There has recently been a noticeable increase in terms of research and general interest on matters regarding the interrelationship between mental health and spiritual or religious beliefs. Continue reading
The evil eye is a belief that a particular person may cast a malicious gaze which will cause another person, animal, plant, or other property to become ill, die, suffer grievous harm, or inflict bad luck upon someone toward whom they are either openly or even unknowingly envious towards. The evil eye belief is extremely ancient having been referenced as early as 3000 B.C. with the Sumerians, then on to Babylon, then in 7th Century B.C. Acadian and Assyrian literature, in ancient Greek and Roman writings, and finally in the Hebrew Bible and in more modern Judeo-Christian culture and traditions. The historian and biographer Plutarch, described in his De Iside how the Egyptian goddess of nature Isis killed the son of the Byblos by a mere glance of her eye. The Egyptian Book of the Dead, a manual for ancient priests used around 1000 B.C., has numerous instructions for incantations, charms, and amulets to defend against the evil eye. Continue reading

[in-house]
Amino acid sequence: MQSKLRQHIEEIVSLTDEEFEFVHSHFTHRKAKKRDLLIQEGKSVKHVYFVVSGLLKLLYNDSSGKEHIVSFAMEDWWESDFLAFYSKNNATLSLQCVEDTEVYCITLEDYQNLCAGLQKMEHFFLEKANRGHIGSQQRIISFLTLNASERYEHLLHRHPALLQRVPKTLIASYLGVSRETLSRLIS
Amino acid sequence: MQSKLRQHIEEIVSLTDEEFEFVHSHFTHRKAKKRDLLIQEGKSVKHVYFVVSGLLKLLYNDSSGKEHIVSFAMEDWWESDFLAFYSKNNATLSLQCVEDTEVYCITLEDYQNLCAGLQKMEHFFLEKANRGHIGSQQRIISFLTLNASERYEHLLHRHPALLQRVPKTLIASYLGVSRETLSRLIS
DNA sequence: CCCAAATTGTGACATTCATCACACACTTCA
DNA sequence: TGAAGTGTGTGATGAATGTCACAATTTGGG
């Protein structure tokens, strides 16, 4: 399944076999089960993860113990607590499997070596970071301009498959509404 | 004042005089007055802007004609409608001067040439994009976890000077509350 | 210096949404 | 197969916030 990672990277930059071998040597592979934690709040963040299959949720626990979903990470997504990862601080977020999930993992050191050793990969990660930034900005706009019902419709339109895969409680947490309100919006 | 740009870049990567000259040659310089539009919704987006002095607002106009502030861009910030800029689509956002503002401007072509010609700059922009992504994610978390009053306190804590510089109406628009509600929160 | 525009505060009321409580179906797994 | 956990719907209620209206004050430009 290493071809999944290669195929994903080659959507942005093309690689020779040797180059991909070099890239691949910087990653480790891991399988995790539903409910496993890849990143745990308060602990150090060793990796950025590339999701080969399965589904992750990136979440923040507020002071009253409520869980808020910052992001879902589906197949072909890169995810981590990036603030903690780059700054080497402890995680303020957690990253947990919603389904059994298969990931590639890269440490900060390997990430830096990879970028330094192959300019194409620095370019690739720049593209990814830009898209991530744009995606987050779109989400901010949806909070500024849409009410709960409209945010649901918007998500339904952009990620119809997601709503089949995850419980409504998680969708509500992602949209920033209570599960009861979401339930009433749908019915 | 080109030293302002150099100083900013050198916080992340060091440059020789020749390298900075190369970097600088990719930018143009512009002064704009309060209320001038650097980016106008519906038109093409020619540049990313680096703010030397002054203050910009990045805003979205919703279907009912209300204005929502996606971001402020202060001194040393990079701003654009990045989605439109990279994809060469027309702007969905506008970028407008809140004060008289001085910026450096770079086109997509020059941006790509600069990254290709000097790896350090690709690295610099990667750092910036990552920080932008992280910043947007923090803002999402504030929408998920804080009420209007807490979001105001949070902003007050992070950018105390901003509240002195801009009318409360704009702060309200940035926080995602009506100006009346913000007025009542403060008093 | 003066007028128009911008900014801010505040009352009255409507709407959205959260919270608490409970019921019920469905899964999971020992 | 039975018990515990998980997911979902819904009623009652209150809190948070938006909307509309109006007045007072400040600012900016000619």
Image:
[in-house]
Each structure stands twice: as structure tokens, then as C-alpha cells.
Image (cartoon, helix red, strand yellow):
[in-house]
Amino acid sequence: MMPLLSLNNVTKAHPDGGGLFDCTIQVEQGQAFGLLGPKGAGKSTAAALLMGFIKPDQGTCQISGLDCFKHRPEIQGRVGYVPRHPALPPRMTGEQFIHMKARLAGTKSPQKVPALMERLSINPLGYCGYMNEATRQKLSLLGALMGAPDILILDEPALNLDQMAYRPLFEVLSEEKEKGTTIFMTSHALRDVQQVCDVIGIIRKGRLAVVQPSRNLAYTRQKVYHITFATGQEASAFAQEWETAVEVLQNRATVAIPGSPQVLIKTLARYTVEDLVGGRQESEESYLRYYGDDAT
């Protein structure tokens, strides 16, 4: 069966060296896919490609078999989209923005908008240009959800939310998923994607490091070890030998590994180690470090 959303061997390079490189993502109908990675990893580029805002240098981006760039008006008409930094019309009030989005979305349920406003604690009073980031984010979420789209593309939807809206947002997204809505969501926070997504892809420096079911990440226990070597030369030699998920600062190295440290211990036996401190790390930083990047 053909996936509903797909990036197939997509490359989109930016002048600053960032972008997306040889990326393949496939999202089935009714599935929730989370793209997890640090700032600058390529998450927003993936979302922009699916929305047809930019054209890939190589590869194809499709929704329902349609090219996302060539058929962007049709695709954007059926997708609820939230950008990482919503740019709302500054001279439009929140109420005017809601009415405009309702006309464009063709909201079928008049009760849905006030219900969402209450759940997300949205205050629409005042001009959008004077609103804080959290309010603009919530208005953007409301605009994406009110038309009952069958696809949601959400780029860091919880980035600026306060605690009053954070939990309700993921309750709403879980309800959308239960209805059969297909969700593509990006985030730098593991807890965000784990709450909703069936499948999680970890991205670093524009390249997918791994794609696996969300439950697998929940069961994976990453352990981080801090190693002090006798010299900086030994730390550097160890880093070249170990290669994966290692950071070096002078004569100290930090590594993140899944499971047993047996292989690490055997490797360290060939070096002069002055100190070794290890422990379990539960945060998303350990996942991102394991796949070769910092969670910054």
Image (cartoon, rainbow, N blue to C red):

This quote just says it best.
“You need to look rationally at the anxiety response and concede that you’re not improving it by feeling anxious. Continue reading